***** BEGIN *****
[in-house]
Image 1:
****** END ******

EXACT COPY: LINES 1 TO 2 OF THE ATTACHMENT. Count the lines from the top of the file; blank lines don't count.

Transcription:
[in-house]
Image 1: